Current status and future prospects of array-based comparative genomic hybridisation

Antoine M. Snijders, Daniel Pinkel, Donna Albertson

Research output: Contribution to journalArticle

Abstract

The majority of human cancers as well as many developmental abnormalities harbour chromosomal imbalances, many of which result in the gain and/or loss of genomic material. Conventional comparative genomic hybridisation (CGH) has been used extensively to map DNA copy number changes to chromosomal positions. The introduction of microarray CGH provided a powerful tool to precisely detect and quantify genomic aberrations and map these directly onto the sequence of the human genome. In the past several years, a number of different approaches towards array-based CGH have been undertaken. This paper reviews these approaches and presents some of the recently-developed applications of this new technology in both research and clinical settings.

Original languageEnglish (US)
Pages (from-to)37-45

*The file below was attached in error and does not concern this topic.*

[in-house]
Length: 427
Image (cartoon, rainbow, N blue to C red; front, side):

Number of pages9
JournalBriefings in Functional Genomics and Proteomics
Volume2
Issue number1
DOIs
StatePublished - Apr 2003

Fingerprint

Comparative Genomic Hybridization
Microarrays
Ports and harbors
Aberrations
DNA Copy Number Variations
Genes
Human Genome
Chromosome Aberrations
DNA
Technology
Research
Neoplasms

Keywords

  • Array CGH
  • Cancer
  • Chromosomal imbalance
  • Comparative genomic hybridisation
  • Developmental abnormality
  • DNA copy number
  • Microarray

ASJC Scopus subject areas

  • Genetics
  • Molecular Biology
  • Biochemistry

Cite this

Current status and future prospects of array-based comparative genomic hybridisation. / Snijders, Antoine M.; Pinkel, Daniel; Albertson, Donna.

In: Briefings in Functional Genomics and Proteomics, Vol. 2, No. 1, 04.2003, p. 37-45.

Research output: Contribution to journalArticle

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